JOHANNESBURG (Reuters) - South Africa’s power utility Eskom said on Monday it has restarted construction work at its Medupi power plant after protests by contract workers at the site earlier this month.
Work at its other power plant construction site, Kusile, which was shut following similar violent protests, has only partially resumed as some talks were still ongoing.
Both Medupi and Kusile are Eskom’s two first power stations in more than two decades, and are meant to fill a looming power crunch in Africa’s biggest economy.
“Medupi is back to normal,” said spokeswoman Hilary Joffe.
“At Kusile there are still some labour issues to be resolved ... some contractors are working.”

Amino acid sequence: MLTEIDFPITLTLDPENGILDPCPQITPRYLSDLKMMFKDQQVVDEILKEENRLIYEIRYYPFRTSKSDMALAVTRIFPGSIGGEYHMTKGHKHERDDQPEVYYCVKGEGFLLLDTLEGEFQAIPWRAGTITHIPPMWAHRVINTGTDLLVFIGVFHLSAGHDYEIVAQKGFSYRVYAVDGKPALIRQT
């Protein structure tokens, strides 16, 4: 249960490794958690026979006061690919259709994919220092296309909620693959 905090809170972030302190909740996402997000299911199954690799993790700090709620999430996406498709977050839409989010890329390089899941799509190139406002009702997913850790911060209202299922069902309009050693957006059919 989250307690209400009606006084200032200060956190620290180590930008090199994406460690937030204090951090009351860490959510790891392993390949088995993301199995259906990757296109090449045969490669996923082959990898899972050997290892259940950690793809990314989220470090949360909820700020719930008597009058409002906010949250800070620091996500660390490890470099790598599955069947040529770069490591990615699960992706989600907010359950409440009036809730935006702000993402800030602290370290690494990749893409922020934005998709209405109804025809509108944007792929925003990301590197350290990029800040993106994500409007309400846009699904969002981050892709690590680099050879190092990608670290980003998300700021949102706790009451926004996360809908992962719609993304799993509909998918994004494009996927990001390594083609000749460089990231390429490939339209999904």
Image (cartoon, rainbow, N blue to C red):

The two 4,800 MW power plants are meant to prevent a repeat of a crisis, which shut the mining sector for days in early 2008 and cost the economy billions of dollars in lost output.
The protest at Medupi, whose first unit is scheduled to come online at the end of 2012, began after workers protested against the hiring of foreigners as welders.
The Kusile protest began in sympathy for workers at one of the contractor firms, which was nearing the end of its contract and demobilising.
Stephen Pell, spokesman for Kusile Civil Works (KCW), a joint venture of contractors at Kusile, said KCW’s work was postponed until next Monday for Eskom to meet with unions to address the criminal action during the unprotected strike.
“There are issues around the destruction and burning that occurred during the strike that need to be resolved,” he said.
Eskom and contractors at both sites have said they would seek to make up the lost time, especially as South Africa battles to keep the lights on and any delay in new capacity coming online could hit industry and consumers.